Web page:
Issue #008, 2021 ISSN: 2581- 9410
As a Pakistani pedagogical leader, who has been associated with academia since 2013, I have had the opportunity to get into dialogues around the subject involving the role of different forms of arts in education. More than often, I have found myself in situations with both parents and peers where the centuries old question comes up:
- Why should schools teach different forms of arts and crafts with exploration of local heritage?
- In what ways can teaching of arts and craft impact learners’ attainment?
- Which approaches to teaching should schools adopt to inculcate craft heritage in their context?
There is a plethora of research available to address the first two questions, However, the debate of how
and in what ways schools may integrate arts education, particularly craft heritage, can be answered through a keen study of existing successful practices in academic domain. In the quest of responding to this query, a small-scale qualitative study of educator perspectives was conducted from different parts of Pakistan on teaching of craft heritage in schools. Educationists from a variety of private and government schools residing in different vicinities of Pakistan were interviewed. The objective of the study remained to share the best practices and bring to spotlight the approaches of teaching adopted by educators to integrate craft heritage in both the curri...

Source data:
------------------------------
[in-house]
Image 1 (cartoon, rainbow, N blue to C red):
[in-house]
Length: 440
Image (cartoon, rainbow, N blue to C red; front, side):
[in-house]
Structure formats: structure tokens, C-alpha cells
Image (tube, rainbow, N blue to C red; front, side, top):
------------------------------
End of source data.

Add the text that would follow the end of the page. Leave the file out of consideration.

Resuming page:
Art Education, Craft Heritage, Education for Sustainable Development, Education Policy, Educational Leadership, Indigenous Knowledge, Inquiry-driven Learning, Single National Curriculum